The safety profile for patients with Psoriatic Arthritis (PsA) treated with CIMZIA was similar to the safety profile seen in patients with RA and previous experience with CIMZIA.
The safety profile for AS patients treated with CIMZIA was similar to the safety profile seen in patients with RA.
For full prescribing information, please visit www.cimzia.com
Important Safety Information about Cimzia® (certolizumab pegol) IN THE EU/EEA*
Cimzia® was studied in 4,049 patients with RA in controlled and open label trials for up to 92 months. The commonly reported adverse reactions (1-10%) in clinical trials with Cimzia® and post-marketing were viral infections (includes herpes, papillomavirus, influenza), bacterial infections (including abscess), rash, headache (including migraine), asthaenia, leukopaenia (including lymphopaenia, neutropaenia), eosinophilic disorder, pain (any sites), pyrexia, sensory abnormalities, hypertension, pruritus (any sites), hepatitis (including hepatic enzyme increase), injection site reactions, and nausea. Serious adverse reactions include sepsis, opportunistic infections, tuberculosis, herpes zoster, lymphoma, leukaemia, solid organ tumours, angioneurotic oedema, cardiomyopathies (includes heart failure), ischemic coronary artery disorders, pancytopaenia, hypercoagulation (including thrombophlebitis, pulmonary embolism), cerebrovascular accident, vasculitis, hepatitis/hepatopathy (includes cirrhosis), and renal impairment/nephropathy (includes nephritis). In RA controlled clinical trials, 4.4% of patients discontinued taking Cimzia® due to adverse events vs. 2.7% for placebo.
Cimzia® is contraindicated in patients with hypersensitivity to the active substance or any of the excipients, active tuberculosis or other severe infections such as sepsis or opportunistic infections or moderate to severe heart failure.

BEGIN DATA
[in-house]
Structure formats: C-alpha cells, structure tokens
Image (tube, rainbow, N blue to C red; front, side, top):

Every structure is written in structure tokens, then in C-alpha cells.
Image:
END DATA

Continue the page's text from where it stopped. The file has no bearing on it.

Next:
Serious infections including sepsis, tuberculosis and opportunistic infections have been reported in patients receiving Cimzia®. Some of these events have been fatal. Monitor patients closely for signs and symptoms of infections including tuberculosis before, during and after treatment with Cimzia®. Treatment with Cimzia® must not be initiated in patients with a clinically important active infection. If an infection develops, monitor carefully and stop Cimzia® if infection becomes serious. Before initiation of therapy with Cimzia®, all patients must be evaluated for both active and inactive (latent) tuberculosis infection. If active tuberculosis is diagnosed prior to or during treatment, Cimzia® therapy must not be initiated and must be discontinued. If latent tuberculosis is diagnosed, appropriate anti-tuberculosis therapy must be started before initiating treatment with Cimzia®. Patients should be instructed to seek medical advice if signs/symptoms (e.g. persistent cough, wasting/weight loss, low grade fever, listlessness) suggestive of tuberculosis occur during or after therapy with Cimzia®.
Reactivation of hepatitis B has occurred in patients receiving a TNF-antagonist including Cimzia® who are chronic carriers of the virus (i.e. surface antigen positive). Some cases have had a fatal outcome. Patients should be tested for HBV infection before initiating treatment with Cimzia®. Carriers of HBV who require treatment with Cimzia® should be closely monitored and in the case of HBV reactivation Cimzia® should be stopped and effective anti-viral therapy with appropriate supportive treatment should be initiated.
TNF antagonists including Cimzia® may increase the risk of new onset or exacerbation of clinical symptoms and/or radiographic evidence of demyelinating disease; of formation of autoantibodies and uncommonly of the development of a lupus-like syndrome; of severe hypersensitivity reactions. If a patient develops any of these adverse reactions, Cimzia® should be discontinued and appropriate therapy instituted.